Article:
To be able to engage in motivated ignorance, individuals must have an idea of what they want to ignore. They need to know enough to know what to avoid. Thus, individuals who are engaged in motivated ignorance have a general knowledge and understanding of the issue of concern. Yet, most of the time, their knowledge will remain generic and superficial. If they had a specific and detailed knowledge then they could not claim ignorance, or if they did, then we would be in the realm of lies, which is a different phenomenon.
As a result, in instances of motivated ignorance, another bias can come into play, the Dunning-Kruger effect. According to this bias, “the skills that engender competence in a particular domain are often the very same skills necessary to evaluate competence in that domain” (Kruger and Dunning, “Unskilled and Unaware of It…”, 1999). In other words, the less one knows about something, the best one thinks one is in this field.
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The Dunning-Kruger effect could thus act as a factor reinforcing motivated ignorance. Indeed, by practicing motivated ignorance, individuals would make sure their knowledge remains superficial and thus both ignore inconvenient truth while strengthening their beliefs in their superiority in this field. As a way to mitigate the Dunning-Kruger effect is likely to increase the knowledge of individuals prey to the effect, motivated ignorance would forbid this solution.
Are we thus faced with an inescapable fate? Are those who, as Plutarch’s Tigranes, engage on the path of motivated ignorance doomed to remain ignorant and then finally succumb to their enemy or whatever threat and surprise they proudly ignore? As practitioners of early warning and strategic foresight are we doomed to fail and be shot if destiny or lack of fortune gives us as decision-makers individuals favouring motivated ignorance, or locate us in a time and civilization where motivated ignorance reign?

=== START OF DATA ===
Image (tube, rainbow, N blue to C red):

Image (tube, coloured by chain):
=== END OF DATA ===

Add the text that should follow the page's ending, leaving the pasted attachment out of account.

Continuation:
Let us explore further motivated ignorance, looking at the causes that lead people to engage in such behaviour. We may then try to devise strategies to act on causes. Note, however, that because we are facing active ignorance, our means to reduce this bias are singularly small. We certainly need to make sure we do not provoke motivated ignorance for our next warning or our next foresight product, while going on “speaking truth to power”. However, more difficult, if it is our very activity that is actively avoided, we need to work around it. Thus it will not be so much our products that must have specific characteristics, but other things outside them, these other things remaining to be determined according to specific cases. We shall again build upon Williams’ research (Ibid.).
The reasons for motivated ignorance
As exemplified in Plutarch’s story about Lucullus’ victory and Tigranes’ fate, motivated ignorance is a bias that can be extremely dangerous in terms of consequences, both at individual and collective level. To struggle against this bias, we need to understand why people would wish to ignore something, even though it would appear, from an external point of view, that knowing and understanding would be best.
Avoiding negative emotional states and countering strategies
Featured image: Photo by Harun Benli via Pexels, free of use.